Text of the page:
How collaborative is your role?
I work with everyone from designers, strategy and project managers to external typographers, animators, interior designers, digital folk and printers on a daily basis. We all work together as a team to make great work and solve problems. If we don’t have the specialist skills in the studio, we bring them in.

What are the most enjoyable aspect of your job?
I have the chance to change people’s behaviour and make the world a more beautiful place. I try not to take it for granted. I love trying to do something different each day. My dad worked in the shipyards from when he was 15 years old. That’s proper graft, so I can’t complain.

Work created while at Brand Union for Race Against Dementia, by Sir Jackie Stewart. Custom Typeface by Colophon Foundry, 2016

Work created while at Brand Union for Race Against Dementia, by Sir Jackie Stewart. Custom Typeface by Colophon Foundry, 2016

Work created while at Brand Union for Race Against Dementia, by Sir Jackie Stewart. Custom Typeface by Colophon Foundry, 2016

What has been the most exciting project of the last twelve months?
I haven’t been at Greenspace for very long, so the projects I’m currently working are under wraps. At my previous agency, I worked on a big project for International Airline Group, the company behind British Airways, Aer Lingus and Vueling. We created a stripped back identity for a new airline called Level, inspired by modernist aviation graphics found in military planes. I’d like to do a few more airlines in my career.

What skills are essential to your job?
Creative thinking is the most essential skill to my job, without it, you would be screwed. Most decent designers can make something look good, and obviously, everything has to look lovely, but the best people I’ve worked with come up with killer ideas that make you think, ‘I wish I had done that.’ There’s often no process to finding it, and I am not sure it can be taught. Communication is also vital – if you have a great idea, you need to get it across with clarity and confidence.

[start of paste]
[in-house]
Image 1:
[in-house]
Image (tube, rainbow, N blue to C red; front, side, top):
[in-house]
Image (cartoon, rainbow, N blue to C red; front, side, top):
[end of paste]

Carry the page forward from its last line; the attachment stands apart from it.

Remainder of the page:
What tools do you use most for your work?
InDesign, Illustrator, Photoshop, After Effects, and of course, a sketchbook and markers. I’m getting into using Sketch for websites and experimenting with Cinema 4D when I can.

Work created while at Vbat Amsterdam for Amsterdam Gay Pride. Creative director: Graham Sturt, 2012

Work created while at Vbat Amsterdam for Amsterdam Gay Pride. Creative director: Graham Sturt, 2012

Work created while at Vbat Amsterdam for Amsterdam Gay Pride. Creative director: Graham Sturt, 2012

How I Got Here

What did you want to be growing up? 
Half of my family were musicians, interior designers and antique dealers. The other half were grafters, shipyard workers, miners and nurses. Both sides influenced me – being creative but liking problem solving.

I failed most of my A-levels other than the creative courses, but I loved making things, so I did a graphics degree. I enjoyed it and continued to do a masters at Sunderland University straight after, whilst working part-time in a photography studio and doing freelance work. It was really hard but I’m glad I did it, it gave me more time to experiment.

What were your first jobs?